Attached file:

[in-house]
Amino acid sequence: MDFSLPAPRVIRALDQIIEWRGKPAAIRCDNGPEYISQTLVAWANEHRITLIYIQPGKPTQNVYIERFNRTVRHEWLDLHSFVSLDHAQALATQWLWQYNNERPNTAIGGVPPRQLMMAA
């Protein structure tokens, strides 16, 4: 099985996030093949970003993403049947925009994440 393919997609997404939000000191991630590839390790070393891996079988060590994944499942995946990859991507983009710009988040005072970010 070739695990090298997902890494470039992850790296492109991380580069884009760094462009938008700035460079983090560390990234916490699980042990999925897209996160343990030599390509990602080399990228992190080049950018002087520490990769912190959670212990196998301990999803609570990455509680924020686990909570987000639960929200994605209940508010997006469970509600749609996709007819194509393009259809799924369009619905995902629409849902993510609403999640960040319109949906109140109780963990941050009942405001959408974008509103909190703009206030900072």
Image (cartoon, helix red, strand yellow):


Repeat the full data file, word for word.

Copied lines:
[in-house]
Amino acid sequence: MDFSLPAPRVIRALDQIIEWRGKPAAIRCDNGPEYISQTLVAWANEHRITLIYIQPGKPTQNVYIERFNRTVRHEWLDLHSFVSLDHAQALATQWLWQYNNERPNTAIGGVPPRQLMMAA
């Protein structure tokens, strides 16, 4: 099985996030093949970003993403049947925009994440 393919997609997404939000000191991630590839390790070393891996079988060590994944499942995946990859991507983009710009988040005072970010 070739695990090298997902890494470039992850790296492109991380580069884009760094462009938008700035460079983090560390990234916490699980042990999925897209996160343990030599390509990602080399990228992190080049950018002087520490990769912190959670212990196998301990999803609570990455509680924020686990909570987000639960929200994605209940508010997006469970509600749609996709007819194509393009259809799924369009619905995902629409849902993510609403999640960040319109949906109140109780963990941050009942405001959408974008509103909190703009206030900072």
Image (cartoon, helix red, strand yellow):